Alborea: A New Mid-late Mandarin Triploid Hybrid [(Citrus clementina x C. tangerina) x (C. nobilis x C. deliciosa)]
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Cita bibliográficaCuenca, J., García-Lor, A., Juárez, J., Pina, J. A., Navarro, L., & Aleza, P. (2020). Alborea: A New Mid-late Mandarin Triploid Hybrid [(Citrus clementina× C. tangerina)×(C. nobilis× C. deliciosa)]. HortScience, 55(8), 1387-1392.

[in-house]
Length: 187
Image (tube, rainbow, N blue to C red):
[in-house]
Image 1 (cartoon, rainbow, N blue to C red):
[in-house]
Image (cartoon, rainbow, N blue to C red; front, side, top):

Citrus is one of the most important fruit crops worldwide, with more than 130 million tons produced in 2017. Mandarins represent 25% of this production (Food and Agriculture Organization, 2018) and are mainly destined for fresh consumption. The Mediterranean area is the most important region for mandarin exports, with 60% of the total volume, and Spain is the leading country. The fresh market demands high-quality, seedless fruit that can be harvested throughout the marketing season. Therefore, mandarin breeding programs worldwide are mainly aimed at obtaining new, seedless, easy-peeling varieties with an attractive fruit color and flavor, and with high organoleptic characteristics (Grosser et al., 2010; Navarro et al., 2015; Rapisarda et al., 2008). The mandarin varietal structure in Spain has several problems. It includes satsumas [Citrus unshiu (Mak.) Marc.], clementines (C. clementina Hort. ex Tan.), and mandarin hybrids. Satsumas are harvested from the end of August to mid November. Their pollen and ovules are not viable, and thus they are seedless. Clementine varieties are the most important group of mandarins in Spain and can be harvested from mid September until the second half of January. They are self-incompatible, but their pollen and ovules are viable and, consequently, they are able to pollinate and be pollinated with other compatible cultivars. ‘Hernandina’ clementine, our latest maturing clementine, is characterized by low fruit quality when grafted onto ‘Carrizo’ citrange [C. sinensis (L.) Osbeck × Poncirus trifoliata (L.) Raf.], which is by far the predominant rootstock in our country. Fruit peel deteriorates quickly after mid January, and in practice no clementine fruit is available in the second half of January. Mandarin hybrids, such as ‘Nova’ [C. clementina × (C. paradisi Macf. × C. tangerina Hort. Ex Tan.)], ‘Fortune’ (C. clementina × ?), ‘Murcott’ (C. reticulata Blanco × C. sinensis), and ‘Ortanique’ (natural hybrid between mandarin and C. sinensis), were introduced to our citriculture to cover the demand of late-maturing mandarins by international markets. These cultivars are self-incompatible, but their pollen and ovules are viable and they cross-pollinate with clementines, producing seedy fruit in both groups of mandarins. In addition, some late mandarin hybrids, such as ‘Fortune’, ‘Nova’, and ‘Murcott’, are susceptible to Alternaria alternata fungus, which reduces production and depreciates the fruit commercially for the fresh-fruit market. This fungus has forced the top-grafting of trees of these susceptible cultivars, particularly ‘Fortune’, and during the past few decades there has been a decrease in late-mandarin plantations and an increase in clementine plantings, mainly ‘Clemenules’. This has created an imbalance between production and market demand that has caused a drastic reduction in prices for the growers such that, in many cases, they cannot even sell their products. As a consequence of excessive clementine production, a lot of growers decided to cultivate other late mandarin cultivars, especially ‘Nadorcott’ [(C. reticulata × C. sinensis) × ?], ‘Tango’ (irradiated variety from ‘Nadorcott’ mandarin), and ‘Orri’ (irradiated variety from ‘Orah’ mandarin) and, more recently, ‘Spring Sunshine’ (irradiated variety from ‘Murcott’ mandarin), which is susceptible to Alternaria. These varieties cover the period from February to the end of April and are managed by different private companies that limit the number of plants or the cultivated area, and also impose high royalties that, in many cases, are difficult for growers to pay. Under this scenario, the recovery of a new, high-quality seedless mandarin cultivar that matures from mid December until the end of January, when there are no other high-quality mandarins in the market, and that is resistant to Alternaria is a very important objective for our citriculture. In 1995, a triploid breeding program was started at the Instituto Valenciano de Investigaciones Agrarias (IVIA) with the objective of producing new mid- and late-maturing triploid cultivars resistant to A. alternata fungus through sexual hybridization, embryo rescue, and ploidy analysis by flow cytometry (Navarro et al., 2015). Triploid plants generally produce aneuploid gametes, thus leading to very low fertility of their pollen and ovules (Otto and Whitton, 2000). For this reason, citrus triploid hybrids can be considered sterile, producing seedless fruit, and do not induce seed formation in other varieties by cross-pollination, even in the presence of bees (Navarro et al., 2015). A routine strategy exploited for triploid citrus breeding is spontaneous female unreduced gamete formation in diploid × diploid crosses (Aleza et al., 2012; Cuenca et al., 2011, 2015), where triploid hybrids arise usually from the union of an unreduced megagametophyte formed through a second-division restitution mechanism with a haploid pollen (Cameron and Frost 1968; Cuenca et al., 2011; 2015; Esen and Soost 1971, 1973; Geraci et al., 1975; Luro et al., 2004). Triploid embryos are predominantly found in small seeds, which generally do not germinate in greenhouse conditions. Thus, embryo rescue from these small seeds is required to reach high germination rates (Aleza et al., 2010b). In addition, ploidy level determination by flow cytometry is also required in extensive triploid citrus breeding programs (Aleza et al., 2012). From this program, the mid- to late-maturing triploid varieties ‘Garbı’ [(C. clementina × C. tangerine) × (C. reticulata × C. sinensis)] (Aleza et al., 2010a) and ‘Safor’ [(C. clementina × C. tangerina) × (C. unshiu × C. nobilis Lour.)] (Cuenca et al., 2010) were released, with more than 600,000 plants commercialized until 2018. We describe a new triploid hybrid named ‘Alborea’ mandarin [(C. clementina × C. tangerina) × (C. nobilis × C. deliciosa Ten.)] that is resistant to Alternaria alternata and characterized by the production of high-quality, seedless fruit that can be harvested from mid-December until the end of January.